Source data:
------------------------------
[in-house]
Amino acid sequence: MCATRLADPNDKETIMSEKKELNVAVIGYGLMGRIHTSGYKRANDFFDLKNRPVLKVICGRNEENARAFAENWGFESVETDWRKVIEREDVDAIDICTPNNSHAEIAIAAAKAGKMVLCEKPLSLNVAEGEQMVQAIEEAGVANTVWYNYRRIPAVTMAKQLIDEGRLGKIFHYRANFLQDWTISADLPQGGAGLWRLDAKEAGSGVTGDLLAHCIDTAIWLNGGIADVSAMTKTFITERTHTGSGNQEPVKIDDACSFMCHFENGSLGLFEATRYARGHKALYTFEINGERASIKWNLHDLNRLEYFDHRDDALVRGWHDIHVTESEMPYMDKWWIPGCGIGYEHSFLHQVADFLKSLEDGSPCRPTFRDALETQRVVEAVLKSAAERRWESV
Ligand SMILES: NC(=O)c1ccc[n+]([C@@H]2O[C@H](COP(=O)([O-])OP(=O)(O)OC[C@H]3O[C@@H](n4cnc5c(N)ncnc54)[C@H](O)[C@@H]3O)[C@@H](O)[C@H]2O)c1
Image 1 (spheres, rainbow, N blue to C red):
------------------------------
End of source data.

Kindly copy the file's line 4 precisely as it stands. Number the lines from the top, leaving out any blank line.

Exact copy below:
Image 1 (spheres, rainbow, N blue to C red):